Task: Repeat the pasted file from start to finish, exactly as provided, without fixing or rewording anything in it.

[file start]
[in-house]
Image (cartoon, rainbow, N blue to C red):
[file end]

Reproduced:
[in-house]
Image (cartoon, rainbow, N blue to C red):